Under the Food Safety Modernization Act (FSMA), companies are required to document the efficacy of their programs and processes to the satisfaction of regulators and stakeholders in their ongoing journey to produce safer products. Environmental monitoring programs have attained a sizable footprint across the food industry and companies are taking EnviroMap®, a comprehensive software solution for environmental monitoring, along for the journey.

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Topics: Environmental Monitoring, EnviroMap

How Will the FDA Nutrition Labeling Rules Impact Your Business?

Posted by Xochitl Javier

January 29, 2016 at 3:00 PM

Food SafetyMany of us are closely following with anticipation how the final rules for the FDA Nutrition Facts Panels will shape up. Speaking of final rules, FDA recently posted its annual regulatory agenda in which the agency provided insights on the status of various regulatory initiatives. As expected, the agenda affirms the agency's committment to completing rules related to food labeling. Without delays, FDA announced March 2016 as the date for final ruling. With the implementation of the ruling, over 700,000 food and beverage nutrition facts labels will need to meet new compliance standards. While many have debated the true economic impact -- with FDA estimating nearly $2.3 billion cost to industry -- there is no doubt that for many companies the process will be complex and time-consuming. In addition to relabeling, new package designs and packaging costs, there are additional considerations, such as new recordkeeping processes and very likely reformulations, for many companies. From greater label clarity for consumers to dire chronic health conditions in the American population, FDA has cited numerous reasons for the labeling changes.

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Topics: Nutritional Labeling, FDA Regulation Updates, FDA

2016: What You Should Expect From A Food Safety Provider

Posted by Kurt E. Westmoreland

January 15, 2016 at 11:14 AM

Food SafetyAs we enter 2016, the food industry is well aware of the requirements and expectations associated with the Food Safety Modernization Act (FSMA), as well as ever increasing customer expectations. Accordingly, it is only natural that users of external food safety providers re-evaluate their expectations of their risk management partners. When thinking about these expectations, a number of attributes should be non-negotiable:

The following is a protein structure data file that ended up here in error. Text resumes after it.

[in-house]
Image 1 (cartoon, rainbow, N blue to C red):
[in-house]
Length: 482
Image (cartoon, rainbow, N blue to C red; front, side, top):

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Topics: Food Safety Modernization Act (FSMA)

Making Sense of All These Food & Nutrition Labeling Initiatives

Posted by Xochitl Javier

December 11, 2015 at 12:15 PM

Nutritional LabelingMenus Are Being Affected
Effective earlier this month, New York City became the first city in the US to require chain restaurants to identify high-sodium items on their menus. The New York city health commissioner explained the initiative is health related-  too much sodium can lead to various chronic ailments. How this will impact chain restaurants and menu entrees will be interesting to watch unfold. 

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Topics: Nutritional Labeling, Menu Labeling

Are the True Colors of Your Spices Shining Through?

Posted by Nick Price

November 20, 2015 at 10:05 AM

SpicesWhile public awareness over intentionally adulterated food products continues to grow, Mérieux NutriSciences now offers a screen for harmful dyes that are used illegally to enhance the color of spices and seasonings.

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Topics: spices, spice products

Understand the Upscale of Large-Scale Consumer Panels in Our Upcoming Webinar

Posted by Lana Buseman

November 6, 2015 at 11:30 AM

Sensory WebinarFor product manufacturers, it is important to understand how well your items are being accepted by consumers, whether they are new or updated products, or current products that are already available on the market. It is impossible, however, to interview each and every buyer about their likes and dislikes of a particular product. Well conceived and conducted large-scale panels help uncover important consumer insights into your product by gathering objective and subjective views from targeted audiences.

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Topics: Sensory Evaluation, Mérieux NutriSciences